I expect much of the gathering at Photival to be creative and concerned individuals so I’ve built my keynote around an emphasis on how I’ve gone about documenting this somewhat contentious issue and hope to encourage others to use their own unique abilities to become active participants in getting the message out there to help orchestrate a much needed change.

As someone who photographs the environment, is it inevitable that you will be exposed to sometimes difficult and emotional scenes, how do you get through these moments?

There have been some difficult and emotional situations I’ve been exposed to over the years. I’ve seen many impoverished communities due to heavily industrialised polluted environments or the aftermath of severe storms or wild fires that have passed through and it is undoubtably affecting.

It’s seems counter intuitive I know, but if you want to see optimism at play visit Dhaka after a flood, or Tacloban after a devastating storm surge. Broken impoverished communities come together, people who have lost so much connect on a profound level, they are there for one another. From this connection comes a state of grace and acceptance for what is, and what there is still left which is good. I’ve become a happier, more content person as a result of being exposed to this.

There is also so much good in the world, people and communities doing incredible things and participating in the process of going forward sustainably. I feel a shift starting to happen, people are becoming more conscious and more mindful and are starting to recognise there is a path to a cleaner brighter future and it’s simply stupid to carry on with the old ways of fossil fuel dependancy and over consumption.

What is one thing you hope for, for the future benefit of the environment?

That it becomes untenable to consume meat, diary and seafood. That it becomes a thing of the past to burn any fossil fuel, most especially coal. That we ban all motor vehicles from city streets and bicycles and e-bikes become so ubiquitous they clog the streets of every city where once there were cars. That we phase out the internal combustion engine and the Tesla fleet becomes the global transportation of choice. That every government of the world holds native tree planting days for every individual every week until the worlds forests are reinstated. That the Hyperloop becomes the transport of choice within continents. That plastic is phased out and bottled water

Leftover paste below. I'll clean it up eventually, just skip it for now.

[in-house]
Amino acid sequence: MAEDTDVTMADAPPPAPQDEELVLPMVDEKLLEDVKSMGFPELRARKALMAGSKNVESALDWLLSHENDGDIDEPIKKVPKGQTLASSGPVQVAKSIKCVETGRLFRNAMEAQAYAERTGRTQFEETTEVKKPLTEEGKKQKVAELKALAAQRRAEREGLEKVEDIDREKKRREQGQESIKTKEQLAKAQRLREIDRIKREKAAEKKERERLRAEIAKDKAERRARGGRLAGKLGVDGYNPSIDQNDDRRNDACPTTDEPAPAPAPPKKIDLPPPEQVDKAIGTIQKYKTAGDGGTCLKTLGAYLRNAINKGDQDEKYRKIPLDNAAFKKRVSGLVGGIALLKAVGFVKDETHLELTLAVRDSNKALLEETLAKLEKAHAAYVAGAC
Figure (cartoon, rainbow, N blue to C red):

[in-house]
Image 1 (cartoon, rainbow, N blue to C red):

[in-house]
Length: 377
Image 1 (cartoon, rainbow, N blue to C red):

is no longer sold. That Trump bows down in disgrace and a coalition of the likes of Elon Musk, Al Gore, Naomi Klein and Bill McKibben have joint leadership of the free world.

During your adventures around the globe, do you have a most memorable moment or thing you’ve captured and why?

I arrived in Tacloban some weeks after superstorm Haiyan struck. Haiyan was the strongest storm ever to reach landfall in terms of wind speeds. During the height of the storm wind gusts up to 380 km/h were recorded. An estimated 80,000 coconut trees were lost to the event. Over one million homes were destroyed. An estimated 8,500 lives were lost, we’ll never know quite how many. In Tacloban harbour, eight large ships broke from their moorings as they were picked up by a series of 7 metre storm surges and were washed ashore. These ships proceeded to slam through a coastal community smashing all in their wake.

The evening I arrived in this community I came across a man crouched at prayer beneath the hull of one of these beached ships. He had five candles lit in front of him. I asked him what significance the candles held. Each candle was for a family member lost to the typhoon. His mother, his wife and his three young children were buried underneath the ship, their bodies had still not been recovered.

Which photographers, artists or environmentalists inspire you?

I’ve always admired Sabastao Salgado for the epic nature of his work, he’s quite unique in the way he grasps the big picture and shows us the important aspects of mankind’s place in this world. David Suzuki’s work continues to shape me, he has a deep spiritual connection with our natural world. I love his considered and gentle approach in bringing awareness through his books and presentations. Naomi Klein has a profound knowledge of just how perverse our world has become. I admire her for her clear, concise analysis. She’s straight up and not afraid to tell it as it is. Clive Hamilton and Bill McKibben are doing great work as are many others. These are just a few examples that come to mind.

For more information on Michael Hall and this year’s Photival Festival, visit photival.com